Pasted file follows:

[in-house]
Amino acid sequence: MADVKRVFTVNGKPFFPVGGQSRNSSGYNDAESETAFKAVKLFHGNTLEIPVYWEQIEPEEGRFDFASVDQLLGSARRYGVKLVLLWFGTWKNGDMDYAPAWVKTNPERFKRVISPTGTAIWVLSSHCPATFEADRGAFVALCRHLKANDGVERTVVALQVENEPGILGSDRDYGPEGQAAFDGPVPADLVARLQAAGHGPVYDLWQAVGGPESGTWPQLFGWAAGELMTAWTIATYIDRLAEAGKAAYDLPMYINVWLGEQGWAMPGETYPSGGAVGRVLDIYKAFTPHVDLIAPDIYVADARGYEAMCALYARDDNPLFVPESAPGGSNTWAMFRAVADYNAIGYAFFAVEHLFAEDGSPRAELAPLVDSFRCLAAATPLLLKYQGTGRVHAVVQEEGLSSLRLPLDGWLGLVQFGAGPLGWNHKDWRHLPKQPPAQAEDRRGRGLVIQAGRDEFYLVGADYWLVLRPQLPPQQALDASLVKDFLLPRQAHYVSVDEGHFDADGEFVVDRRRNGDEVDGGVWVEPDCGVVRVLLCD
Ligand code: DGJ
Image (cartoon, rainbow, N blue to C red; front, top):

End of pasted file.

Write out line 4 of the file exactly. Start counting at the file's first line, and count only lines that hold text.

Image (cartoon, rainbow, N blue to C red; front, top):